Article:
Mozilla Firefox 4: Out of the Oven

Okay, I have to be honest that I’m not a big fan of Mozilla Firefox anymore, but still, they have entered a new milestone step: Mozilla Firefox 4! I know that this browser has been up and around for a while in its beta status, but at that time, I reluctant to try, because it disables almost all of my extensions, and the only reason I’m using Firefox is because of its abundant extensions, just like people using iPhone because of its App Store. So what’s there to try if I can’t access all my extensions? But at least now the Firefox has already leaved its beta status, and then right now I’m trying it. But don’t be wrong: Firefox 4 still disables half of my plugins, and leave a few handy ones that doesn’t concern with user interface.

Now let’s start from the downside of migrating from Firefox 3.6 to Firefox 4. From the ones I see that is disabled is likely:

  • Extensions that concern with user interface, like Tab Kit that handles your tab position, or Fission that gives Safari-like progress bar in the awesome bar. This is understandable because the user interface from Firefox 4 is differ greatly from Firefox 3.6. So, any distraction in the user interface that’s meant for previous Firefox is simply doesn’t match.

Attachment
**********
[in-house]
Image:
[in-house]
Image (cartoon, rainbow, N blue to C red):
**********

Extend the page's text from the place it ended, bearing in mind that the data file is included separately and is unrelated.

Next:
• Extensions that modifies the way Firefox display websites, like Tooltip Plus that gives advanced tooltip when you hover your mouse over a link, or Readability that modifies current website you read into magazine style, and removing any unnecessary ‘extras’. Bummer. I really like that plugin. This is mainly because of the new way Firefox renders its web page. It now using layer that supports hardware acceleration. Any extensions that have modification isn’t allowed to run.
  • Extensions that adds icon to the bar. Any plugins that adds icon is simply stripped out of compatibility. That includes my favorite Delicious and Auto Shutdown plugin. I don’t really get this, but maybe it’s because Firefox 4 got new system to handle icons.

But the one that’s weird, I see that Hide Caption Title Bar plus, a Firefox 3.6 extension that modifies its interface to mimics Firefox 4 user interface, is still compatible. I don’t really get it. This add ons modifies Firefox’ user interface greatly! Well maybe that’s just one of the mystery of Firefox.

But don’t fret, there is a way to keep using your valuable add ons in the new Firefox even though it’s not updated anymore. Warning: may lead to unexpected browsing behavior risks!